Now I want to read you a story, a quick illustration of this. I shared this at one of the breakfasts at the BCC a couple years ago, and it’s a quote from a guy by the name of Oscar Wilde. He was a literary genius, and yet he lived the life of a fool, and he only recognized it as he lay dying in his forties. Listen to his reflection upon his own life and you’ll see how this relates to what we’re talking about. He said, “I started with almost everything in life that a young man would want. I let myself be lured into long spells of senseless and sensual ease. I became the spendthrift of my own genius and to waste an eternal youth gave me curious joy. Tired of being on the heights, I deliberately went to the depths in search of a new sensation. What paradox was to me in the sphere of thought, perversity became to me in the sphere of passion, desire at the end was a malady, a madness or both. I grew careless of the lives of others. I took pleasure where it pleased me and passed on. I forgot that every little action of the common day makes or unmakes a character. I ceased to be Lord over myself. I was no longer the captain of my soul, and I didn’t know it. I allowed pleasure to dominate me, and I ended in horrible disgrace.”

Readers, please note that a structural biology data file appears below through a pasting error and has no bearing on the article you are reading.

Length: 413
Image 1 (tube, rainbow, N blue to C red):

You know, Wilde’s words support what we’ve talked about. Life is made up of a series of choices. And these choices impact not only the quality of our lives, but our relationships and ultimately our character. And what I find, he’s admitting this, “I chose to go down a certain path in life and it ruined me. It ruined me.”

And so I guess this morning where I want to go with this is for us to realize wisdom in one sense is a pathway that we walk down. It’s a pathway that we walk down. If you have your Bibles, in the book of Ephesians, chapter five, the apostle Paul in verse 15 (Ephesians 5:15), Ephesians chapter five, verse 15 says, therefore, be careful how you walk, not as unwise men, but as wise making the most of your time because the days are evil. He’s talking about being careful how you walk through life, the path that you walk down be wise. And then Proverbs 4:18, it talks about, and you see this consistently in the Book of Proverbs. It makes reference to a path or a pathway. And in Proverbs 4:18, it’s called the path of life, or the path of light, L I G H T. You also see that in Proverbs 2:13, it says, to depart from this path is to walk in the way of darkness. And you see that in the life of Oscar Wilde.

Now, what I’d like to do now is maybe share a couple of thoughts from Tim Keller as it relates to this path that we’re walking down, and it’s quite interesting.

He says, “Walking down a path is basically accomplished by steady plodding. It is by steady plodding that you get somewhere. Your ultimate destiny over the course of your life is determined by how you do the little things every day. The way of wisdom is a path. You become wise by assuming a certain set of daily practices, and as you adopt these practices, these disciplines, and do them over and over again, eventually you become wise. Wisdom is not a door as most of us would hope it is where we can turn a key and find some secret knowledge. Wisdom is a long patient quest, and it does not come quickly.”